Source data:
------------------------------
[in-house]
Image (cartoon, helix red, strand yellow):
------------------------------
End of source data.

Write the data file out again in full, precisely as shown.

[in-house]
Image (cartoon, helix red, strand yellow):